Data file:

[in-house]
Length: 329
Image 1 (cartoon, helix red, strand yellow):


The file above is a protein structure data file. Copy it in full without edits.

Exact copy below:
[in-house]
Length: 329
Image 1 (cartoon, helix red, strand yellow):